Healthcare Top Stories

BYON8 raises $1.5 mn funding to expand its healthcare business in Africa

The funding will drive growth in Africa and will bring affordable healthcare to people who need it the most

Swedish-based BYON8 has raised $1.5 million in its seed funding round which was led by People Ventures, a Danish early-stage technology investor, along with Jellyfish Invest and T&W Holding, according to media reports. The healthcare company will use the funds to expand its business and bring affordable healthcare to the people in Africa who need it the most.

BYONB launched new medical diagnostic software in 2019 that runs on mathematical algorithms and medical AI and helps convert patient data records into calculated diagnosis propositions. This move is expected to enhance healthcare procedure and customer experience regardless of their financial status.

The company was founded in 2015 by Josef Murad & Matias Murad with the aim of making healthcare affordable and available to those who need it the most in Africa. BYON8’s app runs 24/7 and you can easily access the app any time you face a problem.

All BYON8 customers have access to the BYON8 platforms, which include a rule-based diagnostic engine with over 3.5 billion patient cases and 100,000 rules. The company is built around two main services. The first is a free symptom checker that allows users to enter their symptoms and figure out the reason behind it and the second one is a paid symptom checker that helps users figure out what’s causing their symptoms, and book appointments or have a video consultation with licensed doctors.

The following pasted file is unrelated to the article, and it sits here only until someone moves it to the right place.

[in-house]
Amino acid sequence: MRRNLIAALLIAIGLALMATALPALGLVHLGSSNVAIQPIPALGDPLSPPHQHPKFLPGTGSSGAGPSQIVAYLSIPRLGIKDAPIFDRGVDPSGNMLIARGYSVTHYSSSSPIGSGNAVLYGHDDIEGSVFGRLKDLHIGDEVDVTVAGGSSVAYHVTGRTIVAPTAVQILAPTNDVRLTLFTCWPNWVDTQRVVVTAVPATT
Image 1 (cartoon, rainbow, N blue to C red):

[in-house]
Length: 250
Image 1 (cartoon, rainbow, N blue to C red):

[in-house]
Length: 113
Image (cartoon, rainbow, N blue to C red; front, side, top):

Josef Murad, MD, CEO and co-Founder of BYON8 told the media, “Having People Ventures lead our Seed round is a great recognition of the work we have done so far and of the continued growth and momentum we are experiencing. This capital will be used to fuel our growth in emerging markets starting with Kenya.”

At present, BYON8 is eyeing the markets in Kenya where there is a massive inadequacy of doctors. Statistics show that there is one 1 doctor for 10,000 people; many other doctors are unemployed or underemployed as public health services cannot absorb more of them.

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